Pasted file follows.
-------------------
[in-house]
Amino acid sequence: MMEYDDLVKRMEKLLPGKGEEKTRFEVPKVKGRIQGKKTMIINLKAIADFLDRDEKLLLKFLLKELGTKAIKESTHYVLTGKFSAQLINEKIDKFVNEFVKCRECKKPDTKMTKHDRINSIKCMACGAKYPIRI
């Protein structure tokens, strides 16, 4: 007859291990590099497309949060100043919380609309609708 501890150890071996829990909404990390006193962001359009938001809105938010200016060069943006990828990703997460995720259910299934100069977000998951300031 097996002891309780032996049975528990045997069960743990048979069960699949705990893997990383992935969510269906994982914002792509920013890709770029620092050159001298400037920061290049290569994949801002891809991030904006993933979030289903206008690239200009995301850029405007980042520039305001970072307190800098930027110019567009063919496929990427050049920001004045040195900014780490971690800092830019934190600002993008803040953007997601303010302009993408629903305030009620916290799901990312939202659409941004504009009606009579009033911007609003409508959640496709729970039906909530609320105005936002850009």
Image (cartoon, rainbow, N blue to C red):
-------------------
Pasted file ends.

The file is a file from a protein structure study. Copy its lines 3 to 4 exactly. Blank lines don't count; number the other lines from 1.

């Protein structure tokens, strides 16, 4: 007859291990590099497309949060100043919380609309609708 501890150890071996829990909404990390006193962001359009938001809105938010200016060069943006990828990703997460995720259910299934100069977000998951300031 097996002891309780032996049975528990045997069960743990048979069960699949705990893997990383992935969510269906994982914002792509920013890709770029620092050159001298400037920061290049290569994949801002891809991030904006993933979030289903206008690239200009995301850029405007980042520039305001970072307190800098930027110019567009063919496929990427050049920001004045040195900014780490971690800092830019934190600002993008803040953007997601303010302009993408629903305030009620916290799901990312939202659409941004504009009606009579009033911007609003409508959640496709729970039906909530609320105005936002850009």
Image (cartoon, rainbow, N blue to C red):